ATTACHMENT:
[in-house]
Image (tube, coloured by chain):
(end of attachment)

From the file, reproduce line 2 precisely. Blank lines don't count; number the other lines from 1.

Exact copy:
Image (tube, coloured by chain):